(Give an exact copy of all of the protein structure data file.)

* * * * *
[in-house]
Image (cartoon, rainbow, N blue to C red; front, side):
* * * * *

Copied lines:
[in-house]
Image (cartoon, rainbow, N blue to C red; front, side):